Yet if the first Guruguru Mawaru was considered a success by those involved, the second one very nearly didn't happen. Tomoji lists a few of the grievances that the venue's management had, including noise complaints from neighbours and an unfortunate incident in which one of his staff members passed out drunk in a toilet, then attempted to break out of the locked stadium complex when he came round in the middle of the night.

'I started negotiating with them from February, but they were stubborn,' he says of his tussles with the management. 'So I wrote letters to the governor of Saitama, and he gave me back letters and called the office in Saitama Stadium. Then they changed their attitude.' He laughs again. In the end, it was the rescheduling of a match between Urawa Reds and Kashiwa Antlers that clinched things, freeing up an all-important weekend slot in the stadium's calendar.

When the festival returns on Saturday, it'll be with a few tweaks: they decided not to have the main stage outdoors this time around, and have also ditched the stages on the upper floors of the stadium (not that most people realised they were there anyway). Don't expect to see the same bands, either: curators and the aforementioned 100-Nin Beatles aside, the event has a policy not to book people who played the previous year. 'I don't want to make my festival like Rock in Japan,' Tomoji says. 'It's always the same.'

Regular gig-goers will probably recognise some of the artists appearing this year: indie rock heavyweights Sokabe Keiichi Band, Hoff Dylan and Hideki Kaji are all playing, along with rising stars The Cigavettes and Odotte Bakari no Kuni. But it's the nobodies who Tomoji is most excited about. 'What I really want is to introduce many new bands to fans who never [saw them],' he says. I'f I did it more business style – if I thought about being profitable – I'd just book Shibuya-AX or Akasaka Blitz or Liquidroom and book famous bands like Sokabe or Kaji Hideki or Hoff Dylan. It's more profitable and it's easier. Using a soccer stadium and booking more than 60 bands is a hard job.'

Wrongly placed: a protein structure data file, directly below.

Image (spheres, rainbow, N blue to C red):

Yet it's a job that, he feels, must be done. He speaks admiringly of offbeat festivals including All Tomorrow's Parties and South By Southwest, even doffing his cap to last year's MtyMx, an indie shindig in Mexico that, by all accounts, was a logistical and financial disaster.

'Doing gigs in Japan is very easy,' he says. 'They just pay the money and book the venue… You don't need any ideas. Did you watch the movie No One Knows About Persian Cats? It's about the indie scene in Tehran. It's really tough to play rock in Tehran, but sometimes they've got a sense that we can never get in Tokyo. For them, just playing rock'n'roll is a really exciting thing.'

For terminally obscure indie bands in Tokyo, however, playing in a world-class stadium might rank a close second.

Guruguru Mawaru 2011, Saitama Stadium 2002, Sept 24

By James Hadfield
Please note: All information is correct at the time of writing but is subject to change without notice.